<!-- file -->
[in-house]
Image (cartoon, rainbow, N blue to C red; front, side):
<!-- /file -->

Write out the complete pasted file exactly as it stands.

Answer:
[in-house]
Image (cartoon, rainbow, N blue to C red; front, side):